Acronyms are often spelled out when first used in a document. For example, the Employee Retirement Income Security Act (ERISA). However, Einsohn says, “In documents addressed to scientists, technical experts, and other professional experts, acronyms that are standard in the field may usually be used without any introduction.”

In the case of LIBOR, the spelled-out term doesn’t mean much to readers. It’s useful to describe how LIBOR is used, for example, as a benchmark for short-term interest rates.

How do YOU spell and introduce LIBOR? Please join the conversation.


Disclosure: If you click on the Amazon link in this post and then buy something, I will receive a small commission. I only link to books in which I find some value for my blog’s readers.


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How to market your self-published book: Lessons from my experience

Tuesday, Jul. 8th 2014

Your self-published book won’t sell itself. In my opinion, writing and publishing your book is only half the battle. It’s equally important to inform book cover: Financial Blogging: How to Write Powerful Posts That Attract Clientspeople about your book and its benefits for them. I used nine techniques to promote my book, Financial Blogging: How to Write Powerful Posts That Attract Clients.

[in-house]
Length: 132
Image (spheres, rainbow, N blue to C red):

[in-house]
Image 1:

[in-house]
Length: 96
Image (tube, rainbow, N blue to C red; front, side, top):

1. Plan ahead

I started planning my book’s marketing campaign when I thought my book’s publication was a few months in the future. In fact, due to glitches, my book was published more than a year later. The extra time helped me to prepare better, although I probably could have limped through my book launch with a shorter preparatory period.

One of the best things I did for my book marketing was signing up for my friend Sandy Beckwith’s book PR class, “Book Marketing 101 for Self Published Authors” class. Sandy also offers a class for authors who go with a traditional publisher. She also offers a self-paced, non-interactive version of her class instead of the more demanding, interactive version. I opted for the demanding version with homework assignments because I wanted the discipline of deadlines and the benefit of feedback on my assignments from Sandy and my fellow students.

Sandy’s class yielded the following written pieces:

  • Analysis of my book’s audience
  • Press release announcing my book’s publication
  • Press release in the form of a tip sheet
  • List of potential hosts and topics for a virtual book tour
  • Action plan for PR

By the end of the class, I had a roadmap for marketing my book.

By the way, if you prefer books or newsletters to classes, check out Sandy’s Build Book Buzz Publicity Forms & Templates and her free Build Book Buzz e-newsletter.

2. Solicit and highlight recommendations